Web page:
Coming Up Short

So I was off to the Edinburgh Festival to sing a concert version of L'heure Espagnole with my good friend the talented French conductor Stéphane Denève. I had put on a few pounds over the summer so I was careful to pack my dress pants with the adjustable waistband. No sense being uncomfortable on stage. The day of the concert I steamed my jacket, ironed my pants and laid them out on a chair, quite proud of myself for being so prepared. The Ravel was on the second half so I didn't even start to get dressed until just before the first half began. I mean, I didn't want to get everything wrinkled, right? RIGHT? When the moment arrived I realized I had made a fatal mistake. My trousers were back home in NYC and the trousers I had in my possession belonged to my roommate, a man 50 pounds lighter and 5 inches shorter. At this point there was no possibility of running to a shop or even borrowing something from another performer. Thinking quickly I let down the hem but in so doing only gained about an inch of length and it took quite a bit of pressing to make the edge presentable, not to mention the straggling threads everywhere. By opening the waistband to its maximum and holding my breath I was able to get the zipper up halfway, luckily high enough to be covered by my vest. I headed for the concert hall to literally face the music with the maestro. He was VERY amused. The role of Gonzalve is a comic one (a lovestruck poet) so I was able to get away with my sartorial disaster but I remember thinking to myself, What if it had been a Verdi Requiem instead?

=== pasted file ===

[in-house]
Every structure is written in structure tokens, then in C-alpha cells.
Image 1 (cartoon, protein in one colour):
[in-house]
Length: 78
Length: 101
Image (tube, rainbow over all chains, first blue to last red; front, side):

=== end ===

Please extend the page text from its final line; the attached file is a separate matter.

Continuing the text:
A Ripping Good Time

Having joined the chorus in September here we are in January with La Traviata starring the AMAZING Diana Soviero (thus begins a lifelong crush on this diva) and I am standing with my party date, listening to the overture and waiting for the curtain to go up. We are front and centre. The staging for tenor Tonio di Paolo (another great singer - I was spoiled back in the day) involves him watching Violetta, who is lying on the apron in front of the closed curtain during the opening strains, then quickly darting backstage before the beginning of the party scene. The overture comes to an end. The lights go down. As Tonio is trying desperately to find the centre opening through the masses of fabric he accidentally knocks my girl’s Champagne glass out of her hand and it crashes to the floor. Ever the wanna-be hero I quickly kneel down to pick up the pieces - a little TOO quickly, as it turns out. I hear a massive ripping sound and discover I have opened up the seat of my pants from zipper to waistband. This kind of a tear gives you a sense of freedom on stage you never dreamed possible as the air rushes over your exposed buttocks. Wait - there’s more. In gathering the shards and putting them in my own glass for safety I manage to cut my hand severely. Then the curtain flies out. I spend the entire scene smiling and laughing with my partner as blood pours down my hand into the sleeve of my tail coat and I try desperately to avoid giving the audience a show they neither paid for nor want.